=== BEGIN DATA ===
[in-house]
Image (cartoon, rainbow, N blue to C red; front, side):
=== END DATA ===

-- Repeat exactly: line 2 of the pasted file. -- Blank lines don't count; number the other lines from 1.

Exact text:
Image (cartoon, rainbow, N blue to C red; front, side):